Dr. Mohamed Janabi remembers that when he was a child in Tanzania, stores carried only one kind of chocolate. Now, when he enters a store in the east African nation with his children, he sees more brands than he can count.
Here's where ideas come from: Somewhere inside your brain, a signal shoots through a neuron at 200 mph toward a sac of molecules. Bam! When the signal hits that sac, it pushes the molecules out of the neuron, like a gust punching through an unlatched door.
Dilan Ellegala returns to the tiny bush town of Haydom in the summer of 2007, Tanzania's dry season, when the sun scorches the fields of maize and sunflowers, and the air fills with clouds of fine red dust. Ellegala greets the staff of Haydom Lutheran Hospital like old friends, including the medical technician, Emmanuel Mayegga, the man he trained to do brain surgery during his first visit the year before.
Most Tanzanians are farmers who live on less than $1 a day, and amid this poverty, tuberculosis, malaria and AIDS claim tens of thousands of lives a year. To reach villagers, Haydom Lutheran Hospital sends medical teams into the sun-baked African bush where they counsel patients and provide vaccinations. A doctor at the Medical University of South Carolina in Charleston saw this outreach program and modeled one in South Carolina after it.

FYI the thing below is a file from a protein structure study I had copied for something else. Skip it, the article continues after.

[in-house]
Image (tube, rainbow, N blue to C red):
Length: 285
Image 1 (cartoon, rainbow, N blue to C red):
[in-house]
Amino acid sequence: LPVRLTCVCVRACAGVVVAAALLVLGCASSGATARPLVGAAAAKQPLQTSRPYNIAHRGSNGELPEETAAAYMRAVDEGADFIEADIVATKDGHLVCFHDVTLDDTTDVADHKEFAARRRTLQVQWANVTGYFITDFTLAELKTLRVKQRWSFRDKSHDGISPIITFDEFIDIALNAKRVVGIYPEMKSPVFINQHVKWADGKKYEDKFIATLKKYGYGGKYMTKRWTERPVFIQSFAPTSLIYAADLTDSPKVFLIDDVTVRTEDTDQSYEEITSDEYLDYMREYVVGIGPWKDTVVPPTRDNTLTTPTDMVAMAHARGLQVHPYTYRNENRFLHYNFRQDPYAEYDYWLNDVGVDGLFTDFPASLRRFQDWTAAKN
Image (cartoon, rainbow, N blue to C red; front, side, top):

God complex? Neurosurgeons hear it all the time. And truth be told, if you spent 14 years in medical school for this, spent day after day doing life-and-death surgeries, been told over and over that your medical specialty is among the most difficult, lucrative and mysterious, wouldn't your brain swell a little, too?